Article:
Winning games in the National Football League is hard.
Winning games against arguably the greatest quarterback and head coaching duo, Tom Brady and Bill Belichick, is harder.
Winning games on the road in New England after the Patriots just raised their fifth Super Bowl banner is even harder.
Winning games in Foxborough when the scoreboard says you’re down in the fourth quarter is almost inconceivable.
Blowing out Brady on his home field was thought to be impossible.
Thursday night, with the entire country watching, the Kansas City Chiefs pulled off the impossible.
There’s a historic stat or career best total to go on and on about for each and every player, but at the end of the day, the Chiefs as a team, as a complete unit, simply played one of their best games since head coach Andy Reid arrived in 2013.
Coach speak is king and the win means nothing if the team doesn’t go take care of business against Philadelphia, Los Angeles and so on, but for fans, this is truly a win that should be celebrated.
For any sport, the modern-day knee jerk reaction mentality is that every win is a parade and every loss is a funeral. But for a franchise that lacks big wins over the last 22 years, Thursday night’s may rank near the top.
The game itself brought unprecedented national promotion, anticipation and fanfare, and with previous NFL season openers as a reference, would rank as one of the most watched NFL games of the year nationally.
Even optimistic fans and Chiefs players acknowledged the challenges opening in New England, but for Kansas City to not only win but do so in stunning fashion, is something almost no one saw coming.
Quarterback Alex Smith entered the 2017 season with more pressure and scrutiny on both a local and national scale than ever before, with fans ready to clamor for Patrick Mahomes at the first sign of trouble. All Smith did was turn in one of the greatest performances of his career and outduel the player many consider to be the greatest quarterback of all-time.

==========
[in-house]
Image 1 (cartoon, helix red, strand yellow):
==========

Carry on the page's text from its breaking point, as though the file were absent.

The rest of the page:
Running back Kareem Hunt had never played in a college game of great magnitude, let alone an NFL primetime season opener, and all he did was go out and have more yards from scrimmage for a player making their debut than anyone else in the history of the sport.
Wide receiver Tyreek Hill had all the pressure of avoiding the sophomore slump and sliding into the shoes of number one receiver expectations, and all he did was become the first player in the history of the game to score touchdowns of 60 yards or more in five straight regular-season games.
Linebacker Justin Houston has failed to live up to his record-setting contract since 2015, with this year serving as the last year he wouldn’t be cheaper to cut than keep, and all he did was kick off the season with two sacks and textbook run defense in key short yardage situations.
The Chiefs needed all the stars to come out and shine if they wanted a chance at winning, but the fact that the role players also played almost perfectly, is why the team emptied the stadium long before the clock hit double zeroes.
Chris Conley made an impact with two big catches. Travis Kelce was consistently double teamed and still churned out 44 yards. Albert Wilson continued to fly under the radar with five catches for 43 yards. Demetrius Harris started the season with a touchdown. Bennie Logan was a force up the middle. Brady rarely even looked Marcus Peters’ direction. Ron Parker filled in at a different position and still led the team in tackles.
Hunt will get a lot of the praise because it’s not every day you do something better than any player in the history of the game.
Smith will also receive praise because he did things most of the country didn’t think he could do.
Hill will join the list of praised Chiefs after he showed his rookie campaign was no fluke, and people love themselves some super speed.
But stepping back and analyzing the game as a whole, reading the history books, seeing that the Patriots were 105-0 at home when leading in the 4th quarter, you really can’t put this all on the back of any one person.
Reid prepared the team and led Kansas City into a hostile environment but it was the team as a whole who played better in Foxborough than anyone else in the last decade.
Now that Chiefs fans have seen the team at its peak, the bar has been set. If Kansas City wants to remain one of the winningest teams in all football, win back to back division crowns, win the trophy named after their founder, then this is a lesson of how to get it done.
Winning football games in the National Football League is hard. But if the Chiefs can consistently play as a complete team anywhere near this level, then fans in Kansas City may soon be enjoying a parade in the very near future.
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